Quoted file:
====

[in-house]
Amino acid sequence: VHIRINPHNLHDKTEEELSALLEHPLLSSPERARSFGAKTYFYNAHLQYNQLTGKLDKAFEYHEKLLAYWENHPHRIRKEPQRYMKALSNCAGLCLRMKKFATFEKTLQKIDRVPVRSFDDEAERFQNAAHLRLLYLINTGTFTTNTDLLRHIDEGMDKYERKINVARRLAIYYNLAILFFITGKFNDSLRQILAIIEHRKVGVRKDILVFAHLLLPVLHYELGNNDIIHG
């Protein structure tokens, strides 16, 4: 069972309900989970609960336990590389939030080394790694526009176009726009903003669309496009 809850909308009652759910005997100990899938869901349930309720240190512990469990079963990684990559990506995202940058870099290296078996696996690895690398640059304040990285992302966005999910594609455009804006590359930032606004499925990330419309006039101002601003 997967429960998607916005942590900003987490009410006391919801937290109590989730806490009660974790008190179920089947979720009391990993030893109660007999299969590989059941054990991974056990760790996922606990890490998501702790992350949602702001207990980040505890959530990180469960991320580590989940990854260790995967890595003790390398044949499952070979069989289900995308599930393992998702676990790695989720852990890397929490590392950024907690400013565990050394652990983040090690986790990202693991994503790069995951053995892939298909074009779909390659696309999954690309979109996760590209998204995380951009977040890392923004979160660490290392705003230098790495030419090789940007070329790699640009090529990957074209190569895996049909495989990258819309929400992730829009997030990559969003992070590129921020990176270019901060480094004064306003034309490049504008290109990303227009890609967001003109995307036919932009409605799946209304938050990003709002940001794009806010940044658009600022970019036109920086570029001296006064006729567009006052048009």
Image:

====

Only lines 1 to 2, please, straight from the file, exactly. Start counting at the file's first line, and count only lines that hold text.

[in-house]
Amino acid sequence: VHIRINPHNLHDKTEEELSALLEHPLLSSPERARSFGAKTYFYNAHLQYNQLTGKLDKAFEYHEKLLAYWENHPHRIRKEPQRYMKALSNCAGLCLRMKKFATFEKTLQKIDRVPVRSFDDEAERFQNAAHLRLLYLINTGTFTTNTDLLRHIDEGMDKYERKINVARRLAIYYNLAILFFITGKFNDSLRQILAIIEHRKVGVRKDILVFAHLLLPVLHYELGNNDIIHG